Tutor profile: Christine B.
Subject: Study Skills
I have trouble focusing and sitting down to study for my exams - do you have any tips?
It can be tricky to focus, especially if it's a difficult subject. First, set a timer. This timer can be for 5, 10, or 20 minutes and it's how long you're going to focus on this material for. After you've set your timer, write a list about what materials you need to know (i.e. chapter 1-5 in the textbook) and any practice problems you have. Then you can either work chronologically and study the materials in the order you learned them, or you can work by order of difficulty and study materials that are hardest/easiest first. After you've made your list, put boxes next to each item. Try to break each item on your list into the smallest possible pieces. So instead of "Chapter 1" you can write the subheadings "1.1" and "1.2". This way, when you finish a section, you can tick off the box. This can make studying feel less daunting and you can see your achievements! However, this might be intimidating for you. So if you're finding that you're overwhelmed, try separating the items onto different lists or keeping with a more general list like "chapter 1" or "chapter 2" instead of separating these into smaller steps. For studying, you can listen to instrumental music or videogame background music to keep you motivated and engaged with the material. Music with lyrics can be distracting, so try listening to music without lyrics first. Again, set a timer and study for that length of time. Then take a break, again using a timer so you don't get distracted and spend too much time on the distractions. Using these tips will help keep you organized and on track to study for tests and exams.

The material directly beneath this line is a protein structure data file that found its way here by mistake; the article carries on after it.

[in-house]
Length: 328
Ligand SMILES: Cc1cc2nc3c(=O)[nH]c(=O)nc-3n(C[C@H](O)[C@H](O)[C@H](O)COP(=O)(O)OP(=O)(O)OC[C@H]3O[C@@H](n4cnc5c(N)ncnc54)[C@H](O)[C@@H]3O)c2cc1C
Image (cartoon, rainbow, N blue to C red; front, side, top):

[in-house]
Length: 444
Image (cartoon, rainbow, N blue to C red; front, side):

How can I structure my essay paragraphs?
I like to use a structure called PEEL. The P stands for Point, so you can start your paragraph with a clear topic sentence that describes your first point in your argument. The E stands for Evidence or Example. Here you can use a quotation or evidence from research that supports your point (making sure to cite this material as outlined by your teacher or professor). The next E is Explain. Evidence and examples are not self-explanatory, and an explanation is your chance to show your thinking. Here you can elaborate on how your evidence supports the point that you are making. You can explain why it relates to your topic sentence and your thesis. The last point is Link, which means you can finish your paragraph by linking the point to your thesis. Linking lets you talk about how your evidence and point now connect to your overall argument.
What can someone do to help their confidence in communicating in presentations?
If someone has a big (or small presentation), it can be intimidating! Here are some tips that can help. 1. Make sure you are prepared and familiar with the material. This first step will help you be confident in knowing your material and give you some internal confidence. 2. You can bring some typed or handwritten notes with you. Keep in mind that it can be distracting if you are reading off your paper so make sure you know your material well. These notes are there to act as a reminder about what you're going to talk about and provide a reference in case you need it. 3. Remember to breathe! Breathing helps keep you calm and it allows you to project your voice so everyone can hear you. Focus on breathing before starting your presentation.
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